I was wondering what folks are paying for compost or aged manure. We have a cattle farmer that is willing to sell some aged manure. Yay! He wants me to tell him what it's worth.
Currently, I pay 75$/yard (plus trucking) for a fairly well-finished fish compost.
Where do you get that compost from @ThreeForksFarms ?
And, off topic, how difficult is it to find/connect with your clientele up there on Manitoulin?
We get fish compost from Meekers Aquaculture. It’s a certified organic rainbow trout farm that is just 15 minutes away. They use all the fish waste from their farm and some from Purvis Fisheries and mix it with sawdust from local sawmills to make the compost.
Manitoulin so far seems like a great place to connect with customers. The island has a fairly large population of retired people that are craving what we have to offer. In the summer months the population of the island explodes with tourist that are hungry for things to do and food to eat. That being said, we still drive to Sudbury, to do a delivery run and do a farmers market once a week.
Last year I put Schlegel Composted Turkey Litter (TLC) down over 40 acres. It worked well, was a little damp for spreading. 2021 prices are $104.5/ tonne incl. deliv to my address, $92/ tonne before delivery. The product comes with an guaranteed analysis (which is partly reflected in the higher price, that and the composting) and is 1-2-1. I think they work in some spent muchroom substrate too for organic matter.
I believe low end for uncomposted ‘aged’ manure is about $25/tonne and up, but there is no analysis. Who knows what has leached out in that time. If its only been sitting a little while you might be ok.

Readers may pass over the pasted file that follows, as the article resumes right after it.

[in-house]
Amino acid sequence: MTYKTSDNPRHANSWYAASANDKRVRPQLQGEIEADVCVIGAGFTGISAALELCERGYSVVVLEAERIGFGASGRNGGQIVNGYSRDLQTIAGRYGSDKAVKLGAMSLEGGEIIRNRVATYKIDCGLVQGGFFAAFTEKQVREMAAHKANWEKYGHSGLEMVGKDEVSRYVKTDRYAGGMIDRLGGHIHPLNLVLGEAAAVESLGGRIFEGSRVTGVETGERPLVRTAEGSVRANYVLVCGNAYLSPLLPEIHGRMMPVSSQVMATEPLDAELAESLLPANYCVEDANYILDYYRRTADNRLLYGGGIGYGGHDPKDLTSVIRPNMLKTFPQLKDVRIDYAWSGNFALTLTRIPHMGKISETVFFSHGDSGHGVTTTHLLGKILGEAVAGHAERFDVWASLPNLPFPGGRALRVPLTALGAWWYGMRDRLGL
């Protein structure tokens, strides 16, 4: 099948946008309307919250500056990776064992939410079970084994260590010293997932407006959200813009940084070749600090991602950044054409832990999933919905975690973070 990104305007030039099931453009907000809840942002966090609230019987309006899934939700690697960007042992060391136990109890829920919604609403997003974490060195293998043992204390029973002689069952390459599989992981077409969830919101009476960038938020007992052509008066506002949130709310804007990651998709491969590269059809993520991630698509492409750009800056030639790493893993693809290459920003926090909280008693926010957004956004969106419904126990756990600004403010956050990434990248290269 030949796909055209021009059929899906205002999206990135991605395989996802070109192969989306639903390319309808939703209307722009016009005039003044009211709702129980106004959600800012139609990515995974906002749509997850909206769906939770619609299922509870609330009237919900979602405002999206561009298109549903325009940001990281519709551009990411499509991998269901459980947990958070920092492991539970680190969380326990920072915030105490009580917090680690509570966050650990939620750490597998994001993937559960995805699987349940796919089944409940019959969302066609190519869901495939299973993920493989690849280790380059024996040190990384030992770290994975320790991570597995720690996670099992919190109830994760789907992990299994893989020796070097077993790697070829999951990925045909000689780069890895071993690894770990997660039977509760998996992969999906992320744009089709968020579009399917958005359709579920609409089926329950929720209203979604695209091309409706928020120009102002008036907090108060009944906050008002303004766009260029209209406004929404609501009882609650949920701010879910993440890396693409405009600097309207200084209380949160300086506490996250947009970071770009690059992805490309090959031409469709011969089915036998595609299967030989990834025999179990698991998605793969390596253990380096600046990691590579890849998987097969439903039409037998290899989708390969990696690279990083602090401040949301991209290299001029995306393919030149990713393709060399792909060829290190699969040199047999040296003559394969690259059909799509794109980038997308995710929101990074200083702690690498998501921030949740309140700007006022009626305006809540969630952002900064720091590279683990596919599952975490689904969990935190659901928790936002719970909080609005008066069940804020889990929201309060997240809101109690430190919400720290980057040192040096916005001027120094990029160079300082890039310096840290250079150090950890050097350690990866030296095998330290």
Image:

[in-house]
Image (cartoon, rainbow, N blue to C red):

I’ve also used Schlegel’s turkey litter for a few years now. Last year I paid $90 / MT + freight.
Similar to “deanorr”, I’ve found it is a little on the damp and therefore heavy side, especially as we spread it over our one acre market garden by hand with wheelbarrows.
I’ve also found it to be quite rich, to the point where we have to be mindful of how much we put on and when it is applied. As such, for the past few years we’ve spread it in the fall and left it uncovered in the garden over the winter and found it to be a much more workable texture and more mellow the following spring.
I would love to hear about other sources of organic compost, as I’ve had little success in finding any alternative of comparable quality. We are looking specifically for a compost with higher organic matter that we would be able to spread more liberally (ie. as a mulch of 2" - 3"), as this cannot be accomplished with Schlegel’s (too rich = toxic at higher rates). I know of another farm who mixes their turkey compost with wood-chips to increase OM, but unfortunately we do not have the equipment to do so currently.
Another alternative to consider is SureSource Hen Manure Compost. It’s produced in a controlled environment, so has a very consistent texture (no sticks or stones) and relatively low moisture (25-30%, compared to 50%+ for most other composts). The analysis is high (5-3-2), so the cost per ton is more, but the cost per lb of actual nutrients is competitive. It’s available in bulk loads or totes, and also in pelleted format.
It’s definitely not mulching material - for that I would look into mushroom compost, or if you’re in Eastern Ontario, Spread-X compost.